The rise of Reactive Programming

There are increasing demands on software. Consumers expect a local online shop to work as well as Amazon or Zalando. The user experience offered by tech giants like Spotify and Facebook should not be much less. Everything has to be fast, smooth and simple.

Software complexity

As a result, the complexity of software is increasing. Especially in e-commerce, where order systems and the back-end must connect perfectly, the (almost) real-time processing of huge amounts of data is increasingly becoming a requirement. Managing simultaneous changes between modules becomes a major challenge.

Trend: reactive programming

A trend within software engineering that responds to this is 'reactive programming'. Spilberg sees increasing demand for software developers familiar with this software architecture style. What is reactive programming, what are reactive streams, why is this way of thinking on the rise? And how does this declarative programming paradigm work?

Spilberg found Nicolas Fränkel, developer advocate at Hazelcast, willing to explain this new concept of programming. The Swiss consultant/trainer/author of books held a webinar with lots of 'practice'. He does not want to be a 'reactive' guru who only outlines the benefits and is blind to the limitations.

Instead of giving a long theoretical treatise, Fränkel demonstrated how reactive programming works in concrete terms. Developers could see step by step how he migrated an app to the 'reactive model'. In doing so, he chose a traditional Spring Boot application, an open source Java-based framework for microservices. Such a Spring Boot contains comprehensive infrastructure support. You can develop enterprise-ready applications with it.

What is reactive programming?

Reactive programming is simply a programming concept or thinking pattern driven by events. Normally, these events occur in a certain sequence over time. This software architecture style deals with these data streams and revolves around the 'propagation' of changes. Data streams form the backbone of the application. Events, messages, calls and even failures are transmitted through a data stream.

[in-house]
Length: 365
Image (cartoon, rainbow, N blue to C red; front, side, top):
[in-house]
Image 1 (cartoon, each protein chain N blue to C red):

In reactive programming, you observe these flows and react when a value is transmitted. Such a system reacts quickly, timely if possible. Another characteristic is resilience. Even if something goes wrong, responsiveness is maintained. Even with a sharply increasing workload, everything continues to work well. Last but not least, the system works according to the 'actor model' and is 'driven' by messages. This message flow is asynchronous. This development model is structured entirely around asynchronous data flows.

Side effect is that the application becomes asynchronous through and through. The purpose of 'reactive streams' is to provide a standard for processing asynchronous streams with non-blocking 'backpressure'.

The benefits of reactive programming

The main advantages of reactive programming are its enormous scalability and suitability for the cloud. Resource utilisation is optimal. This saves money. The disadvantage is that such a concept can be complex. You have to think differently. Moreover, bugs are harder to get out of the system. Specific APIs are also needed. Last but not least, a single 'blocking call' in the 'call chain' means that the system is no longer reactive.

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